New York Governor George Pataki — a potential presidential candidate in 2008 — is in the state thanking Iowans who volunteered in New York City after September 11th, and he’s also helping local Republicans raise money.
“This year and then certainly next year when you have an open governor’s race and at least two very hotly-contested congressional races I’m going to do everything I can to help the Republican Party have the energy and the excitement to win these races,” Pataki says.
Pataki spoke last (Thursday) night at a Clinton County Republican dinner and he helped a G-O-P candidate for the Davenport City Council raise money, too. Earlier in the day, Pataki thanked 30 Red Cross volunteers from the Quad Cities who went to New York after the terror attacks of 9/11.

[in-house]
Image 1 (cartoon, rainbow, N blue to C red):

As the country sees another state try to recover from another hurricane, Pataki says having just one command center in New York four years was key to the recovery there. “The most important thing I think from government is that the initial response has to depend on strong, local leadership,” Pataki says. “One of the important decisions that I made on September 11th was that we were not going to have a state command operation, a city command operation, a federal command operation — we were going to have a joint center and a joint response so that all the decisions and all the actions were going to in a coordinated way.”
Pataki is reluctant to talk about the prospect of becoming president and what changes he might make in emergency preparedness. “I’m not going to speculate on what the next president of the country might do to change things,” Pataki says.
Pataki says the Bush Administration and the Federal Emergency Management Agency “responded appropriately” to the September 11th catastrophe. Pataki will tour the Vermeer plant in Pella this morning at nine o’clock to thank employees there for the equipment they sent to New York to help the 9/11 recovery.